Most primate species live in the tropics or subtropics, although a few, most notably humans, also inhabit temperate regions. Except for a few terrestrial species, primates are arboreal. Some species eat leaves or fruit others are insectivorous or carnivorous.

Here, we follow Anderson and Jones (1984) in formally dividing living primates into two suborders, the Strepsirrhini and the Haplorrhini. We differ, however, in that we place humans and their close relatives, the chimpanzee, gorilla, and orang in the family Hominidae.

Literature and references cited

Feldhamer, G. A., L. C. Drickamer, S. H. Vessey, and J. F. Merritt. 1999. Mammalogy. Adaptation, Diversity, and Ecology. WCB McGraw-Hill, Boston. xii+563pp.

Thorington, R. W., Jr., and S. Anderson. 1984. Primates. Bl. 187-217 in Anderson, S. and J. K. Jones, Jr. (eds). Orders and Families of Recent Mammals of the World. John Wiley and Sons, N.Y. xii+686 pp.

Savage, R. J. G. and M. R. Long. 1986. Mammal Evolution, an Illustrated Guide. Facts of File Publications, New York. 259 pp.

Vaughan, T. A. 1986. Mammalogy. Derde Uitgawe. Saunders College Publishing, Fort Worth. vii+576 pp.

Vaughan, T. A., J. M. Ryan, N. J. Czaplewski. 2000. Mammalogy. Fourth Edition. Saunders College Publishing, Philadelphia. vii+565pp.

Wilson, D. E., and D. M. Reeder. 1993. Mammal Species of the World, A Taxonomic and Geographic Reference. 2de uitgawe. Smithsonian Institution Press, Washington. xviii+1206 pp.

Click on the name of a family below to learn more:

  • Family Lemuridae
  • Family Cheirogaleidae
  • Family Indriidae
  • Family Daubentoniidae
  • Family Galagonidae
  • Family Lorisidae
  • Family Lepilemuridae

Bydraers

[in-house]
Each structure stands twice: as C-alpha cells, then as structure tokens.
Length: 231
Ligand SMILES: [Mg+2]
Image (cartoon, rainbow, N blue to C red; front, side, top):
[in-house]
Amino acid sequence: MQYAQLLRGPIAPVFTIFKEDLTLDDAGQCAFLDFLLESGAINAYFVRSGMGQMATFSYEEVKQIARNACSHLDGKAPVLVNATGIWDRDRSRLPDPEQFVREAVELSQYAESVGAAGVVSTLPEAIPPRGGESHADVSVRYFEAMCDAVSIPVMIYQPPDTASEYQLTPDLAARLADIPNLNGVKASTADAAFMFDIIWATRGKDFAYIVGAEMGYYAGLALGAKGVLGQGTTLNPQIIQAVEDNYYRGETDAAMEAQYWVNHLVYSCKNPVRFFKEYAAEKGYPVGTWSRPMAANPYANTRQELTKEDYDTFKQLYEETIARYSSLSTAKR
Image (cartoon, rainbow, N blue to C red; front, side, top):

Phil Myers (author), Museum of Zoology, University of Michigan-Ann Arbor.

Woordelys

met liggaamsimmetrie sodanig dat die dier in een vlak in twee spieëlbeeldhelftes verdeel kan word. Diere met bilaterale simmetrie het dorsale en ventrale sye, sowel as anterior en posterior punte. Synapomorfie van die Bilateria.

gebruik reuke of ander chemikalieë om te kommunikeer

diere wat metabolies gegenereerde hitte gebruik om liggaamstemperatuur onafhanklik van omgewingstemperatuur te reguleer. Endotermie is 'n sinapomorfie van die Mammalia, hoewel dit moontlik in 'n (nou uitgestorwe) sinapsied-voorouer ontstaan ​​het, onderskei die fossielrekord nie hierdie moontlikhede nie. Konvergent by voëls.

met die vermoë om van een plek na 'n ander te beweeg.

voortplanting wat die kombinasie van die genetiese bydrae van twee individue, 'n man en 'n vrou, insluit


A primaat is any member of the biological order Primate, the group that contains all lemurs, monkeys, apes, and humans. The English singular primaat is a back-formation from the Latin name Primate, which itself was the plural of the Latin primas (&ldquoone of the first, excellent, noble&rdquo). Colin Groves lists about 350 species of primates in Primate Taxonomy.